dao daoism

There was something formless and perfect
before the universe was born.
It is serene. Empty.
Solitary. Unchanging.
Infinite. Eternally present.
It is the mother of the universe.
For lack of a better name,
I call it the Tao.
It flows through all things,
inside and outside, and returns
to the origin of all things.
The Tao is great.
The universe is great.
Earth is great.
Man is great.
These are the four great powers.
Man follows the earth.
Earth follows the universe.
The universe follows the Tao.
The Tao follows only itself.
—  Lao-Tzu, The Tao Te Ching

“At the very roots of Chinese thinking and feeling there lies the principle of polarity, which is not to be confused with the ideas of opposition or conflict. In the metaphors of other cultures, light is at war with darkness, life with death, good with evil, and the positive with the negative, and thus an idealism to cultivate the former and be rid of the latter flourishes throughout much of the world. To the traditional way of Chinese thinking, this is as incomprehensible as an electric current without both positive and negative poles, for polarity is the principle that + and -, north and south, are different aspects of one and the same system, and that the disappearance of either one of them would be the disappearance of the system.” - Alan Watts

Calligraphy by me. Ink on rice paper, scanned in and cleaned up digitally.
(I still have to practice more.)

Those who know don’t talk. Those who talk don’t know. Close your mouth, block off your senses, blunt your sharpness, untie your knots, soften your glare, settle your dust. This is the primal identity. Be like the Tao. It can’t be approached or withdrawn from, benefited or harmed, honored or brought into disgrace. It gives itself up continually. That is why it endures.
—  Tao Te Ching
Pain

“If I clamped your fingers in a vice and asked you to listen to a lecture on suffering, you could hardly be blamed for screaming at me. In the same way, can we truly expect people to consider the painful nature of existence while they are already in pain?

Just as a person in severe pain after an accident, trauma, or illness cannot be called well, but they must certainly try to get well, people have to be healed from pain before they can consider spirituality.

Just ask if a person is in pain before you talk about anything esoteric. Ask yourself if you’re in pain before you turn to spirituality. Until the pain is managed, we can hardly see the sun through the clouds.”

- Deng Ming-Dao

When I was a boy, my grandmother asked me to break a chopstick, which I couldn’t do, but was able to flex enough to get the idea. Then she gave me a bundle, which I couldn’t even bend with both hands. The lesson was that people in cooperation will prevail where a single person will not. Collecting leads to power.

At another time, she put a bean between two pieces of blotter paper, wet them, and put them in the window of her lightwell. Gradually, the bean put out roots, then a stem, and gradually an entire plant. Rising began from something small, and proceeded according to a process that was invisible in the short run, but which grew day by day.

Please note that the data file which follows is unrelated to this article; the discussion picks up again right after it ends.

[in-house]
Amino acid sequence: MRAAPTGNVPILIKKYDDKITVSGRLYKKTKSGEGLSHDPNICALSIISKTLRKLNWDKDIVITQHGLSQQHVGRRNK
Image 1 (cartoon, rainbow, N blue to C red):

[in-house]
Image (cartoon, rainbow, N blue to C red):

For the Way of Change, how do we use collecting? We gather people, resources, and knowledge. Action depends on collecting what we need to be successful.

That collecting can be dramatic, as when a leader makes an urgent call to action to repel an invading enemy. But it can just as well be subtle and gradual. That bean, for example, was already a collection of DNA and nutrients. Once planted it continued to gather energy, water, and nutrients as it sprouted into a full plant over a long period of time. We may want to rise up—but we must know how to build little by little.

My grandmother’s first lesson was a matter of collecting. Her second lesson showed that it was not just collecting, but direction and patience it if we are to rise.

—  Deng Ming-Dao
The Genki Dama Explained

“The Genki Dama is Goku’s signature technique, but do you understand it?What is the Genki Dama made of? Where does the idea for this technique originate? And why is it so powerful?By the time you finish reading this article you will fully understand the Genki Dama in a way that no else in the world ever has.It’s a long one, so I suggest brewing some tea. Perhaps oolong or puer would be fitting.

Genki Dama (元気玉) is a Japanese term written in Kanji and integrally connected with Daoist culture.

Genki (元気) means Origin Ki and is the transliterated term for the Chinese YuanQi (元気).

Genki is the original Ki of all matter. That is to say, matter in our world is composed of molecules, and below molecules are atoms, protons, neutrons, electrons, ions, neutrinos, quarks, gluons, and progressing infinitesimally downward to more microcosmic particles.

At the very origin of all matter, in the most microcosmic realm, is our Genki. It is what lies at the core of our being, buried underneath all those many layers of particles that end with the molecules that comprise our surface body.

Genki is composed of the characteristic of the universe and is virtuous and pure. It is the higher level, original, divine part of all matter, and it is extremely dense, refined and powerful.”

Continue reading at http://thedaoofdragonball.com/blog/martial-arts/the-genki-dama-explained/#disqus_thread 

When the sun rises, the moon sets.
When the moon sets, the sun rises.

Thus, pressure needs relief.
Ambition needs leisure.

Justice needs mercy.
And work needs rest.

Even practice needs play,
and discipline needs pleasure.

Push all you want, as you
strive for the spiritual—

but also play every day,
and rest soundly at night.

Even trekking seekers
camp and watch the moon.

—  Deng Ming-Dao